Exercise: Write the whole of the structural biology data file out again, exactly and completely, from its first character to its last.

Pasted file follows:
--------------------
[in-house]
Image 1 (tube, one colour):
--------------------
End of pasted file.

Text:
[in-house]
Image 1 (tube, one colour):